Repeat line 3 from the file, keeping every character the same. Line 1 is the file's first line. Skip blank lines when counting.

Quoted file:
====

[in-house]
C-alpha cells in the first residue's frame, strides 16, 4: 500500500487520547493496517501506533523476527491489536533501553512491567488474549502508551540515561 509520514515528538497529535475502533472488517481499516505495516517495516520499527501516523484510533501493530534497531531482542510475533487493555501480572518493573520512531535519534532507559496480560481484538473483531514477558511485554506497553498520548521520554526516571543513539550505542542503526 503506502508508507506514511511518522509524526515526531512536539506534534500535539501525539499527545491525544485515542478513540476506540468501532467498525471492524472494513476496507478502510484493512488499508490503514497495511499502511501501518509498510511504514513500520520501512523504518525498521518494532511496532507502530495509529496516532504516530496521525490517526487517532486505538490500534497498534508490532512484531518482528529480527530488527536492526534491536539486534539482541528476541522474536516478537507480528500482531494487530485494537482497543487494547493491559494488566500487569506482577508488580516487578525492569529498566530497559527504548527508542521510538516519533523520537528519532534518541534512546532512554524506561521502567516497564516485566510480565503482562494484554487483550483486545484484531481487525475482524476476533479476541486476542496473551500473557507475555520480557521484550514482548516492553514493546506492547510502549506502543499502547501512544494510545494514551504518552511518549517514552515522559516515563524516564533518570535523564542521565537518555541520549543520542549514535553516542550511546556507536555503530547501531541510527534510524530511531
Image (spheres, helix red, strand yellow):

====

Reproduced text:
Image (spheres, helix red, strand yellow):